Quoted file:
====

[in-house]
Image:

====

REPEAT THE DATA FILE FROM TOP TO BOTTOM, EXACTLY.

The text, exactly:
[in-house]
Image: